US 20070198813 A1
Synchronized register renaming between a master processor and a coprocessor that receives operations from the master enables efficient implementation of register renaming and operation execution in the processors. An ideal and an external register allocation map are implemented in the coprocessor. When registers are no longer allocated according to the ideal allocation map and the registers are currently allocated according to the external allocation map, the registers are deallocated in the external map and the number of freed registers is reported to the master. The master increments a free register credit count accordingly, and decrements the credit count by one for each operation issued to the coprocessor. An operation is not issued to the coprocessor unless at least a register is free according to the credit count. The master also throttles coprocessor operation issue based on a credit count corresponding to free scheduler entries available in the coprocessor.
1. A method for synchronized renaming between a master processor and a coprocessor, comprising:
sending from the master processor an operation for execution by the coprocessor along with an identifier;
at the coprocessor, renaming the operation for execution, including assigning a resource and associating the resource with the identifier; and
at a subsequent time, sending the identifier from the master processor to the coprocessor to be used in conjunction with the execution of the renamed operation.
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from a memory unit, using the identifier to signal that data from the memory load operation is ready; and
at the coprocessor, looking up the destination register for the memory load operation and storing the data into the destination register.
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18. A microprocessor comprising:
a master processor;
a coprocessor; and
a instruction pipeline that provides operations and an identifier from the master processor for execution by the coprocessor;
wherein the coprocessor comprises a renamer that is configured to rename the operation for execution, assign a resource, associate the resource with the identifier and at a subsequent time, send the identifier from the master processor to the coprocessor to be used in conjunction with the execution of the renamed operation.
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28. A microprocessor as in
29. A microprocessor including a master processor and a coprocessor, comprising:
in the master processor, means for renaming an operation to be executed by the coprocessor, the means for renaming further including means for providing the operation along with an identifier to the coprocessor;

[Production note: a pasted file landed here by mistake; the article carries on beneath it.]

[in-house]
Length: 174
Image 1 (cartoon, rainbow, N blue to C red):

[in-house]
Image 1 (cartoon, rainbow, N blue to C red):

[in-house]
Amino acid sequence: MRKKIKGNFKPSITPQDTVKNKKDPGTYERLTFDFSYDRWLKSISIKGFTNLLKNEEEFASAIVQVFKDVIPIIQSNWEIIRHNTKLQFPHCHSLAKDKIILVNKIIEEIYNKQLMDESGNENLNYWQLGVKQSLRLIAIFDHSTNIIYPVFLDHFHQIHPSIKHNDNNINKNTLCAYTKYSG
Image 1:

in the coprocessor, means for scheduling the operation for execution; and
means for sending at a subsequent time the identifier from the master processor to the coprocessor to be used in conjunction with the execution of the renamed operation.
30. A microprocessor as in
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a memory means for holding data and for signaling using the identifier, that data from the memory load operation is ready; and
at the coprocessor, means for writing-back, for looking up the destination register for the memory load operation from the table, and for storing the data into the destination register.
36. A microprocessor as in
37. A medium readable by a computer that contains descriptions that generate, when interpreted by the computer, a microprocessor comprising:
a master processor;
a coprocessor; and
a instruction pipeline that provides operations and an identifier from the master processor for execution by the coprocessor;
wherein the coprocessor comprises a renamer that is configured to rename the operation for execution, assign a resource, associate the resource with the identifier and executing the renamed operation in the coprocessor.
The present application is related and claims priority to (a) U.S. provisional patent application, entitled “Synchronized Register Renaming in a Master Processor and a coprocessor,” Ser. No. 60/731,967, filed on Oct. 31, 2005, and (b) U.S. provisional patent application, entitled “Extended Resource Credit Scheme to Support Dynamic Reassignment of Resources among Data Producers,” Ser. No. 60/757,240, filed on Jan. 19, 2006. These provisional patent applications are hereby incorporated by reference in its entirety. The present application is also related to (a) co-pending U.S. nonprovisional patent application, entitled “Synchronized Register Renaming In A Multiprocessor,” Ser. No. ______, filed on Oct. 31, 2006 having an attorney docket number of M-16663 US and (b) co-pending U.S. nonprovisional patent application, entitled “Dynamic Resource Allocation,” Ser. No. ______, filed on Oct. 31, 2006 having an attomey docket number of M-16664 US. These nonprovisional patent applications are hereby incorporated by reference in its entirety.
The present invention relates to microprocessors, including microprocessors having multiple processing units.